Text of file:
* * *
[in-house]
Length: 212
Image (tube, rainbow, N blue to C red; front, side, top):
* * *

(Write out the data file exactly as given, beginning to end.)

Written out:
[in-house]
Length: 212
Image (tube, rainbow, N blue to C red; front, side, top):